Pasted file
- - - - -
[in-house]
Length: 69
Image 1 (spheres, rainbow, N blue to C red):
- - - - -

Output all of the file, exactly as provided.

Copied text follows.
[in-house]
Length: 69
Image 1 (spheres, rainbow, N blue to C red):